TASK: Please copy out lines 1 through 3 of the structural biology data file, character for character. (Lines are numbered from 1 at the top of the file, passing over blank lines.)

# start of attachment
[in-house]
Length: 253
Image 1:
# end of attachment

[in-house]
Length: 253
Image 1: